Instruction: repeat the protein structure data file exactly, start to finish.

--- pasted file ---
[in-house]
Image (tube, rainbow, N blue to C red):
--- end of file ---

[in-house]
Image (tube, rainbow, N blue to C red):